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Components of the extrinsic pathway (TF, FVII, FV, FX, prothrombin) are essential for hemostasis (Figure 5). Gene knockout studies in mice show that an absence of any of these proteins led to universal lethality. In contrast, mice lacking FVIII or FIX can survive but exhibit increased bleeding after tail transection. These results indicate that FVIII and FIX are important for hemostasis but not essential. FVIII-/- and FIX-/- mice can be used as models of hemophilia A and B, respectively. The last piece of the hemostasis puzzle is FXI. Humans with a deficiency of FXI have a mild hemostasis defect that it often only reveal after a hemostatic challenge, such as tooth extraction.  FXII does not contribute to hemostasis.

We generated mice that express low levels of TF (~1%) that have been useful in studying the role of TF in hemostasis. These mice exhibit a variety of spontaneous hemostatic defects in the uterus, placenta, lung, brain and testes. The hemostatic defects in low TF mice can be rescued by re-balancing the system by reducing the level of TFPI. Conversely, combining low levels of TF with a deficiency of PAR4 leads to an increase in fatal pulmonary hemorrhage.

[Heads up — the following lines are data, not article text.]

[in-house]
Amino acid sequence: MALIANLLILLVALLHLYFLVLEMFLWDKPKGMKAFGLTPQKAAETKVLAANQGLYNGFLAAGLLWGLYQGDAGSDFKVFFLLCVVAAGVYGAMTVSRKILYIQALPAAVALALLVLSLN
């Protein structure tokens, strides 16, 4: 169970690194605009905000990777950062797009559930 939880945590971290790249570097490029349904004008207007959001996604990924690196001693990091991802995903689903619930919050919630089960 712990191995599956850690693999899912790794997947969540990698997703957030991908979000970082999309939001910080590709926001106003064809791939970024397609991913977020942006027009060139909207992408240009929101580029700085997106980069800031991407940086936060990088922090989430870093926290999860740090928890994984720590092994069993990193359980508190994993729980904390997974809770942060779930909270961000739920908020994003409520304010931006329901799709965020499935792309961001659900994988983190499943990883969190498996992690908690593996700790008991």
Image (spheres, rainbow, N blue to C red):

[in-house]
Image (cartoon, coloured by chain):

Schematic representation of coagulation cascade in thrombosis and hemostasis. TF forms a complex with FVIIa and leads to FVa-FXa complex. FXIIa generates FXIa, which contributes to FVIIIa-FIXa complex, which contributes to FVa-FXa complex, which creates a clot.